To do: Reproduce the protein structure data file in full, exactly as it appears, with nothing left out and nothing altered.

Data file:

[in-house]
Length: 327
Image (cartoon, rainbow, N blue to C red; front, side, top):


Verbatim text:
[in-house]
Length: 327
Image (cartoon, rainbow, N blue to C red; front, side, top):